The New York Blood Center, that supplies blood and platelets to numerous area hospitals, has announced a blood shortage and is declaring a blood emergency. Regional Director Andrea Cefarelli told Mid-Hudson news that the Center is “down to a two-day supply of O negative, B negative and A negative.” Typically blood donations decline during this time as people go on vacation and take time off from work and school. Cefarelli said there are two ways you can help, “Number one, find a convenient place to, please, donate blood, or number two, if someone is unable to give blood, they might consider hosting a blood drive, we need additional blood drives in July and August to help replenish the blood supply.” If you would like to donate blood or organize a blood drive call, 1-800-933-2566.
Eight months ago, County Executive Ed Day, submitted the 2016 county budget to the Legislature. The budget included a plan to sell the Sain Building in New City for its appraised value: $4M. The Legislature expressed doubt anyone would purchase the building near that price. In December the Legislature approved the budget with the projected $4M income from the sale of the Sain Building built in, and stamping their approval. A request for proposals for the building was put out and it was advertised for sale. A nationally known real estate company responded and offered $4.51M — $510,000 above the appraised value. Once the offer was on the table the Legislature requested “more information” thus, delaying the sale. Day informed the Legislature that the Sain Building is falling apart and would cost taxpayers at least $10M to bring up to code. He also noted that county employees who have suffered extremely unpleasant working environment in the Sain Building are moving into Building A on the Pomona campus. The Legislature is now questioning why they don’t sell Building A instead of the Sain Building. Day says there are multiple reasons for not selling Building A, most notably vital services are already located there and relocating would not be cost effective. There are utility hook ups, communication systems and liability issues that would make the whole deal financially prohibitive. Day says, “In short, it’s not feasible to sell Building A. We have an offer on the table for $4.5M to sell the Sain Building to a company that wants to build senior housing – something that is vitally needed in Rockland.” He added, “It was bad financial decisions that brought this county to the brink of bankruptcy. Not accepting a $4.5M offer for a county building that’s falling apart would be another one of them. All of us owe it to the taxpayer to take advantage of this offer to sell the Sain Building, make our county government more efficient and leave us with a $500,00 surplus rather than $4M worth of red ink.”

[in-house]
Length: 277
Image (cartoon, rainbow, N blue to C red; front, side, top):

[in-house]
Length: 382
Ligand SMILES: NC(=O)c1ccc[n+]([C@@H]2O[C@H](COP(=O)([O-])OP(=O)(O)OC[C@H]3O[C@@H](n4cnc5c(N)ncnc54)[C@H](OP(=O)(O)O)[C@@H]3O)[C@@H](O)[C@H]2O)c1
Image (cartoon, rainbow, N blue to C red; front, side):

Last night, the bill submitted for a $3M grant for East Ramapo Schools in exchange for greater state oversight was approved. Earlier in the day the Senate had approved the bill. One last step remains for Governor Andrew M. Cuomo to sign the legislation. In a statement, Senator David Carlucci said, “Today’s vote will restore vital programming for the East Ramapo school district and require that effective oversight ensures resources are being spend in the best interest of the students.” Assemblywoman Ellen Jaffee who spoke about the bill on The Morning Show Wednesday said, “It has oversight by the commissioner, so there’s strength within the context of the legislation.” The deal is a one-year grant intended to be use for programs like full-day kindergarten, smaller classes and create art and music programs. The state education commissioner will now receive the entire school budget from the school board and have the authority to make changes in the spending plan. School board president, Yehuda Weissmandl said in a statement, “This is a very positive outcome indeed. We will now be able to make a series of investments in academic programs and services. Our students will benefit greatly.”